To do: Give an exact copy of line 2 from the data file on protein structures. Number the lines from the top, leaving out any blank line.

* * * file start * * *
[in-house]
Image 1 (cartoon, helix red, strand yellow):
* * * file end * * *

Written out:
Image 1 (cartoon, helix red, strand yellow):